Accounting: Generally Accepted Accounting Principles and Financial Performance Essay

Submitted By Asmodeelul1
Words: 577
Pages: 3

purpose of the accounting. Describe the purpose of the accounting: The need to record transaction the requirements to monitor activity Management of the business Measurement of financial performance What is the accounting?
Purpose of accounting.

The purpose of accounting is to accumulate and report on financial information about the performance, financial position, and cash flows of a business. This information is then used to reach decisions about how to manage the business, or invest in it, or lend money to it. Accountants develop systems and processes to evaluate and analyse different types of transactions. Each transaction that involves the acquisition or sale of goods and services must be reported in the general ledger and posted to relevant accounts. Bookkeeping is the function of accounting that helps maintain these types of transactions as debits and credits; this data can then be used to create accurate and timely financial reports.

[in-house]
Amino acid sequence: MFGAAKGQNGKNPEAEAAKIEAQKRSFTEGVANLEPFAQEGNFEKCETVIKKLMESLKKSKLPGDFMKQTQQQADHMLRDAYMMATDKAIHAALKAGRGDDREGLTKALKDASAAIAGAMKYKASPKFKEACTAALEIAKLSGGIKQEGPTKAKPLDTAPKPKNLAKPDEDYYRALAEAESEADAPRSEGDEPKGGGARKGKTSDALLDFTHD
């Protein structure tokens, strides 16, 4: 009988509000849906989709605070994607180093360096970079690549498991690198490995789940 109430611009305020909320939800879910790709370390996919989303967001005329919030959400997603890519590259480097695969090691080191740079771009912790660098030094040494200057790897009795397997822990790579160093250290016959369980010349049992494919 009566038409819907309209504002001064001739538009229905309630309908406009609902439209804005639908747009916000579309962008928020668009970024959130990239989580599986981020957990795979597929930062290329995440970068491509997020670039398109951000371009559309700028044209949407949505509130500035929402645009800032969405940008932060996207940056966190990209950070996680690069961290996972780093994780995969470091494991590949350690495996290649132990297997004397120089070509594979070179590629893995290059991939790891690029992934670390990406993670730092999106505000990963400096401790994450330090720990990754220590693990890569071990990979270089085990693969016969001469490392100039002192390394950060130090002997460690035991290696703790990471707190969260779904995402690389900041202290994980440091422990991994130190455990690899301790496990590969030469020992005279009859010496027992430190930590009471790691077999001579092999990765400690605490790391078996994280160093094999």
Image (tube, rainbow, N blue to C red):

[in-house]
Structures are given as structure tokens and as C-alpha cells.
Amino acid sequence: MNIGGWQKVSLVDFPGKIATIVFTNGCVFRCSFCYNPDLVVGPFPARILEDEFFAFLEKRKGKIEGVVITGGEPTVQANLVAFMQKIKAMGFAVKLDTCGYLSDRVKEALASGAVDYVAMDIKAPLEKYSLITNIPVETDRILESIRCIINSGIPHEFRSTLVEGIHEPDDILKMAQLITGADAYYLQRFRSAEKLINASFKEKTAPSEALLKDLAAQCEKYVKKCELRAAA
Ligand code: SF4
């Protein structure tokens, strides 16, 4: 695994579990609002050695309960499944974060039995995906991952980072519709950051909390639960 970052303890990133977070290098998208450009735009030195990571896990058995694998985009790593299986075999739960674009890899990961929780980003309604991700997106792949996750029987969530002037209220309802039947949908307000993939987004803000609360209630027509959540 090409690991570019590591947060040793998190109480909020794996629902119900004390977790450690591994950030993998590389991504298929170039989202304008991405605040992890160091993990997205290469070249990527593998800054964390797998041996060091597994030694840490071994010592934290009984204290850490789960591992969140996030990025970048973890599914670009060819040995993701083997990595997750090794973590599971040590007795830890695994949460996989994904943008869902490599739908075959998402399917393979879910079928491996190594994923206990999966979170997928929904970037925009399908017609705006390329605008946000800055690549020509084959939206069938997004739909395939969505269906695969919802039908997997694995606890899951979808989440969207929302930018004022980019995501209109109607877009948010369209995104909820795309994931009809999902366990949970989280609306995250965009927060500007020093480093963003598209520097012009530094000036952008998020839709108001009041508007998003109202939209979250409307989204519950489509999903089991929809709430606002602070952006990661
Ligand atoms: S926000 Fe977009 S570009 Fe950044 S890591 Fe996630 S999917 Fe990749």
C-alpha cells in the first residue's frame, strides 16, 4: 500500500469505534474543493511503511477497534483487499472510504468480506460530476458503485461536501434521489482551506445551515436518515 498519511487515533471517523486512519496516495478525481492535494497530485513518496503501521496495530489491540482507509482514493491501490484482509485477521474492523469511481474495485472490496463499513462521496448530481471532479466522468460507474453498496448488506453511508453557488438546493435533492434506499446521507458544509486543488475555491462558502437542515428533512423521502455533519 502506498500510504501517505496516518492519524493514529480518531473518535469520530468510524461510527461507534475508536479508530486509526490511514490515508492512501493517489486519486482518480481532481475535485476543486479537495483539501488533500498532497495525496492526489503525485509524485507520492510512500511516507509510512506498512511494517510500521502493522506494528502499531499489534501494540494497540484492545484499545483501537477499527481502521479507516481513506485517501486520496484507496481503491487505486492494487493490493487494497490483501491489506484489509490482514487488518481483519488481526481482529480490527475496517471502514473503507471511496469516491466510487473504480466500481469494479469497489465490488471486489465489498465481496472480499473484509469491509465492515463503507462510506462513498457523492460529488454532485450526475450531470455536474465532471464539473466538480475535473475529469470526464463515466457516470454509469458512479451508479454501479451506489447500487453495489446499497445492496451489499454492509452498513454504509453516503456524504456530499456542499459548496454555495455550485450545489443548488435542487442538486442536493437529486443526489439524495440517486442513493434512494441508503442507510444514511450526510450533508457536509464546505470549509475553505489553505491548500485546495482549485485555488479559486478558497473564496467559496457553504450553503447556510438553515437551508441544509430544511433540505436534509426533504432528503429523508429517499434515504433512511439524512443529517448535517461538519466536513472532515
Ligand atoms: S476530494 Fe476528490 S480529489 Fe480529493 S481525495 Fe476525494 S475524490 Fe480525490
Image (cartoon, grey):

The need to record financial transactions.

Companies keep record of their financial transactions, There are a number of reasons why recording your transactions is so important. The first being that when you keep close track of all of your transactions you are ensuring that you know where your money is coming from along with where its going to. Companies also need to record their transactions in order to keep track of their budget, if you have no idea where you are spending money it becomes much more difficult to make a budget and stick to it. Also, Shareholders read accounts to examine the health of business, and the returns (dividends) that they can expect to make. Employees read accounts to see how safe their jobs are. The Inland Revenue read accounts to calculate how much tax businesses should be paying. Suppliers read accounts to check that the company they supply with goods on credit will be able to pay the money owed when it becomes due. Financial information can be fed to those who require such information for decision-making and record-keeping purposes. For example, managers need information in order to manage the business efficiently and constantly to improve their decision-making capabilities. Shareholders need to assess the performance of managers and need to know how much profit of income they can take from the business. Suppliers need to know…